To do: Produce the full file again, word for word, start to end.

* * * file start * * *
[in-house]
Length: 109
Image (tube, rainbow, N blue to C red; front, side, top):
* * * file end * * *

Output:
[in-house]
Length: 109
Image (tube, rainbow, N blue to C red; front, side, top):